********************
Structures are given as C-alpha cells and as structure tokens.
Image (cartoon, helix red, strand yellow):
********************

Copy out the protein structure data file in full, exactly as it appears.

Structures are given as C-alpha cells and as structure tokens.
Image (cartoon, helix red, strand yellow):